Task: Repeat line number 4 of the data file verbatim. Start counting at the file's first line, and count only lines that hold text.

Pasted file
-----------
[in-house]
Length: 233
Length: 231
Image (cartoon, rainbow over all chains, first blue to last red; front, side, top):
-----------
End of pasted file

Image (cartoon, rainbow over all chains, first blue to last red; front, side, top):